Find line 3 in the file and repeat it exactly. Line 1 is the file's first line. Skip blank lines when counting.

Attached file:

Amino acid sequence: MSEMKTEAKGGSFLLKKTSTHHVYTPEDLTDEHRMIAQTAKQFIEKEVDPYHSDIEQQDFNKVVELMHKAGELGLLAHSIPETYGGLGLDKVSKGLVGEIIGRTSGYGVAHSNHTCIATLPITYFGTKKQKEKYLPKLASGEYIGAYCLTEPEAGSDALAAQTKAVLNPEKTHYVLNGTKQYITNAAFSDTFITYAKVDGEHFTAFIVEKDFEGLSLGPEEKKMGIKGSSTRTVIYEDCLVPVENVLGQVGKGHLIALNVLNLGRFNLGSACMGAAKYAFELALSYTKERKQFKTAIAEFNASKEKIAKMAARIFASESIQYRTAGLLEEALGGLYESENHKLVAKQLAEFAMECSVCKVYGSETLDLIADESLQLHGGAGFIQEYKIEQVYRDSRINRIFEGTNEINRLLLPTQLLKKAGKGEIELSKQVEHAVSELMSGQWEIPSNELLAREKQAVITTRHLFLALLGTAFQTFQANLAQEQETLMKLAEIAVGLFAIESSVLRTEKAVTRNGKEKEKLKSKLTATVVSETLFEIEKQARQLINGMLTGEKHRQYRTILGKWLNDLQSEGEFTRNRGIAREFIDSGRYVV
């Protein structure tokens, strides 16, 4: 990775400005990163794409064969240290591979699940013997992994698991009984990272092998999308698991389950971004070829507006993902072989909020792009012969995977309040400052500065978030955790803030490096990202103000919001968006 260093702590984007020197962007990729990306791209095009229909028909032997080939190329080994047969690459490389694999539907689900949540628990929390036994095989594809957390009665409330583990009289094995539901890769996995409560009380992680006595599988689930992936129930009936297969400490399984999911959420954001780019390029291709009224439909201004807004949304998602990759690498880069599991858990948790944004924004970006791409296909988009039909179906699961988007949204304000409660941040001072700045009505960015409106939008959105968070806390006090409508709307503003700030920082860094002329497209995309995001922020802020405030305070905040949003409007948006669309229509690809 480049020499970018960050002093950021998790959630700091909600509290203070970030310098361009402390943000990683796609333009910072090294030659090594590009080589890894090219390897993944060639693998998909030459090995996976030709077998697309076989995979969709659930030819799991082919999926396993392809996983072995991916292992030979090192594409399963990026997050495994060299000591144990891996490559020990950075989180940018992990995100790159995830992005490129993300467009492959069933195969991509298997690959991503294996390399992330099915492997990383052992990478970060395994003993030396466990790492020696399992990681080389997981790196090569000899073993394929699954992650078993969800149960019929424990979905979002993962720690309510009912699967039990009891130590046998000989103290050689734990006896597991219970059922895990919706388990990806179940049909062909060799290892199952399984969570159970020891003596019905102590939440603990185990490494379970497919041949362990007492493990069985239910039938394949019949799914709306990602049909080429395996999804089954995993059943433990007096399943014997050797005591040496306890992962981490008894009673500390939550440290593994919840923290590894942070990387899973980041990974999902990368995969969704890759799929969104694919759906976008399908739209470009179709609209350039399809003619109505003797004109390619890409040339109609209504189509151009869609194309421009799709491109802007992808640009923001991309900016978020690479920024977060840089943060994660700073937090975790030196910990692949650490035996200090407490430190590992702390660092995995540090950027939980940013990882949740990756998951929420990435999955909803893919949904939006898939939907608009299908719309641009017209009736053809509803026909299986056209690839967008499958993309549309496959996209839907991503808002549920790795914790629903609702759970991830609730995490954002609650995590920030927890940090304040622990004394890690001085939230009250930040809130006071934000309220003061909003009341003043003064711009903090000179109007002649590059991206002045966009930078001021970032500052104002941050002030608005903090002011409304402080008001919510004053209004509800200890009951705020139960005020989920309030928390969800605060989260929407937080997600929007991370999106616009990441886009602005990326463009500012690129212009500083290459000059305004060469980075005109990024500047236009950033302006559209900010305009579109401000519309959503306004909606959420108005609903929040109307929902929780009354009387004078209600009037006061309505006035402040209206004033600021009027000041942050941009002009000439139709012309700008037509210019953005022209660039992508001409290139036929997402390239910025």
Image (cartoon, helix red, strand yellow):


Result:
Image (cartoon, helix red, strand yellow):